The tiny town of PotosĂ, located between the Golfo de Fonseca and VolcĂˇn CosigĂĽina, has remained a largely undeveloped endpoint on Chinandegaâ€™s northern bus route, despite a number of natural attractions.
PotosĂ marks the start of the Sendero El Jovo trail, an easy (but scorching) five-hour climb to the volcanoâ€™s rim and back. Ask in town about local guides and horseback riding trips.
PotosĂ features a long stretch of black-sand beach, marked at one end by the old ferry docks, and hills that bubble with hot springs. The local favorite feeds into an outdoor swimming pool on the edge of town. Although the springs flow from the nearby volcano, their waters are actually fairly cool, making the shaded pool the perfect end to a long CosigĂĽina hike.
Buses from PotosĂ run south to Chinandega eight times a day, starting at 3 a.m. and petering out in the afternoon. The last bus departs at 3 p.m.; if you miss it, there are several local places where you can stay.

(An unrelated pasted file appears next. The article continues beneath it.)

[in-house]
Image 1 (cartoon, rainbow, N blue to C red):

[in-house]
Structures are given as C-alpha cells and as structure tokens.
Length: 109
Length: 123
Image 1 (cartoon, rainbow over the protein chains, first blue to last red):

Hotel Bar y Comedor Brisas del Golfo has single rooms for C$150, double rooms with private bathrooms for C$300 and also rents hammocks or camping space for C$50. The restaurant portion has daily specials of comida corriente for between C$60 and C$140. Owner Rosalpina Cruz can also arrange for sightseeing boat tours of the rocky islands in the gulf for between $80 and $100.
DoĂ±a Rosa Digna Rivas has seven rooms available in her breezy home, located near the sendero trailhead. The rooms cost C$150 (or C$200 if you want the room with four beds) and have shared bathrooms.
Although still a work in progress in May, Amanecer Fonseca was set to become the newest PotosĂ hotel by the end of 2009. The beach-front location was expected to feature a pool, cable TV, air conditioning and, when a PotosĂ communications tower is completed, internet.